The basic matter upon which both sides of the House have shown themselves agreed is that in principle there ought to be a retirement pension of subsistence value—or higher, but at least of subsistence value—available, practically speaking, to all in this country without test of need. Broadly that is the point upon which both sides of this House find themselves coincident. Such is not the existing position, and it has not been the position since 1925 when contributory old-age pensions were first introduced.

From that time until now there have been two concurrent retirement pensions. One has been a subsistence pension available only upon proof of need. The other has been a pension of less value than the admitted subsistence standard at the time, but available without test of need upon fulfilment of certain contribution conditions. The contributions, however—this is a point on which I must enlarge later—have no necessary actuarial relationship with the size of this second retirement pension.

The position of having two concurrent retirement pensions was intentional from 1925 to 1946. At the introduction of the original Old-Age Pensions Act, 1925, the then Minister of Health made it clear that he regarded the contributory pension not as a complete safeguard against destitution but as a great assistance to people who were able to make some other provision for their needs in old age, as an appreciable leg-up in the form of 10s.

a week for an individual and 20s. a week for a man and wife both of pensionable age.

In 1946, the House took a different decision. Here again, there was agreement on the point. The House decided upon two great changes. The first change was to make the contributory retirement pension a subsistence pension. Whatever were the words actually used on both sides of the House at that time, that was the undoubted meaning of what was done in 1946; for in calculating the sum chosen for the retirement pension under the Act. Beveridge's figure of pre-war subsistence cost was multiplied by the rise hitherto in the then cost-of-living index.

Thus, the first great change, made legislatively in 1946, was that the contributory retirement pension was intended henceforth to be a subsistence pension. The second, and no less important, change was that contribution was made a practically universal obligation. Previously, since 1925, those who had been invited or compelled to secure some assistance in their old age by contributions had been a minority of the working population. After 1946, the whole population, practically speaking, was to be insured and the scheme was to be compulsory.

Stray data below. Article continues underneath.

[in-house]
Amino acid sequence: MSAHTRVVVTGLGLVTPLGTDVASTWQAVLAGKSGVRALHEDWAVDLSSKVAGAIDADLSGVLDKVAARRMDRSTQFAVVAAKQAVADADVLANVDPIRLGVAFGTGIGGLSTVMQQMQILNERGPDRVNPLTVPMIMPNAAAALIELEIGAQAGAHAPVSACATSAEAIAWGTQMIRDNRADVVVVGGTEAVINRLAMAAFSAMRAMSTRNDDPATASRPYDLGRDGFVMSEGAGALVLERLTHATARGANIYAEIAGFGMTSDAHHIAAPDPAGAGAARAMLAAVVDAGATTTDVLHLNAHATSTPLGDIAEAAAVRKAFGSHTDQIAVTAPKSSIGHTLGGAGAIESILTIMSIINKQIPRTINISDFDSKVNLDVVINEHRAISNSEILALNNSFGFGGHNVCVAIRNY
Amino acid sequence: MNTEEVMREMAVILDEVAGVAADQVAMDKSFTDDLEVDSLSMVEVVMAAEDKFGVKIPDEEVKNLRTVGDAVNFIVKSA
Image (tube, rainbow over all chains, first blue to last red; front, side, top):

However, although that was the legislative intention, as laid down in the 1946 Act, it was never actually fulfilled; and, unintentionally, by reason of the fall in the value of money, we have still had, ever since 1946, the old position in which there was a contributory pension at a figure appreciably, and often very appreciably, below what was admitted to be subsistence level. We are now for the first time about to give reality in practice to those new principles upon which the House decided in 1946.

From a few months hence we shall have these three features in the insurance pension. It will be virtually universal; for after three years there will be no person, apart from accident or misfortune, who has not been able to fulfil the contribution conditions for a retirement pension. The pension will be at least at a subsistence level; this is implicit in the policy statement of the Labour Party and the words used by my right hon. Friend. And there is a third feature of great im- portance, and that is that the new subsistence retirement pension, paid as of right without test of need, will have no practical connection actuarially with the contributions paid by the beneficiaries.

Let us be clear about this; the additional sums which will be paid to retirement pensioners under the new Bill will be no more earned by their contributions than if the corresponding sums were paid to them by way of National Assistance.

Mr. Thomas Steele (Dunbartonshire, West)

Will the hon. Gentleman continue that argument and try to indicate how it squares with the speech of the Minister, who believes in the insurance principle?

Mr. Powell

I propose to devote the greater part of my speech to that matter.

At the moment I am asking the House to recognise that persons already retired who, under a future Bill, will receive increases in their retirement pensions, will no more have earned those increases by their contributions than if the increases had been paid by way of National Assistance. Consequently, we shall in future have what is, in fact, a universal subsistence retirement pension without test of need and without any necessary or more than formal connection with the contribution record.

It might have been possible a year ago, before the agreement on both sides of the House—it was really an agreement far beyond this House—had become evident, to take two routes from the point at which we had arrived. One course would have been to say that the prospects now are so different from those in 1946 that there is an arguable case for an insurance pension of less than subsistence value, that the apparent absurdity of inviting people, and, indeed, of compelling people, to contribute for a pension which, when they receive it, will be less than is necessary to keep body and soul together, is not a real absurdity in an age when an ever-increasing proportion of the population is being provided for in one way or another by supplementary pensions of various kinds.